Making sense of Tesla: An investor's guide to a unique company (Part 4 of 7)
Tesla’s potential market
Tesla (TSLA) is the only seller of luxury battery electric vehicles. Tesla is selling luxury and battery power. Logically, as Tesla’s market share increases, it’ll take share out of the luxury automobile market. There are only so many people globally who are able to spend more than $60,000 on a vehicle. It’s a sub-segment of this global population that’s going to prioritize the battery electric vehicle and Tesla’s other brand equity to choose to buy a Tesla.
As we can see from Tesla’s investor presentation, Tesla compares its offerings to large luxury vehicles. In the first half of 2013, Tesla sold 10,000 vehicles. The group Tesla was comparing to totaled approximately 31,000 in the first half of 2013, and projecting out by doubling would get the group to approximately 60,000 units in the year. Tesla isn’t easily pegged to the small grouping it’s basing its sales on. For example, BMW sold 56,000 Series 7 automobiles in 2013, according to the BMW Group’s 2013 annual report. This is in the context of over 1.6 million vehicles in the year. Series 7 is a niche vehicle and a 5-Series can pass $60,000 when well equipped.
Tiny Tesla, in terms of numbers
Luxury brands, including Audi, BMW, Mercedes Benz, Jaguar, Land Rover, and Porche, were less than 10% of the U.S. market in 2013, according to company filings. Adding Lincoln and Cadillac would get one over 10%. Let’s assume 10% of the U.S. market is luxury, with price points north of $50,000. The U.S. market was 15.5 million automobiles in 2013. Rough math would put the number at an approximately 1.5 million vehicle market. Yet Tesla is projecting production to be approximately 35,000 vehicles in 2014. This is still a niche market.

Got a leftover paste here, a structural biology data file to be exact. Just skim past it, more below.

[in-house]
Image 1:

Prius to Mazerati
An employee recently commented to me that the trade-in lot ranges from Priuses to Mazarattis. As we saw in the prior article of this series, electric and hybrid vehicles grew over 60% from last year, according to the Electric Drive Transportation Association. As we saw in the prior article, even if this is an approximate 3% market, if it’s growing at 50% percent per annum, it will be a significant market by next year, as the electric and hybrid market is greater than 5%.
So growth is there. Let’s look at Tesla’s differentiated distribution model in the next part of this series. Spoiler: Tesla does things differently from General Motors (GM), Ford (F), and Toyota (TM).
Browse this series on Market Realist:
- Part 1 - An incredible stock: What’s the big deal with Tesla?
- Part 2 - Sizing up the competition: Is Tesla’s product unique?
- Part 3 - Let’s take a look at Tesla’s expanding market
- Automotive Industry